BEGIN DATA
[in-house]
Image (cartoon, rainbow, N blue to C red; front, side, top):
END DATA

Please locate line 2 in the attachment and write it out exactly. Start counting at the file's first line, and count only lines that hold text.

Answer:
Image (cartoon, rainbow, N blue to C red; front, side, top):